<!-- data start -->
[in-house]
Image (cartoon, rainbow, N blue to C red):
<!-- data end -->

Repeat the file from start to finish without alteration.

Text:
[in-house]
Image (cartoon, rainbow, N blue to C red):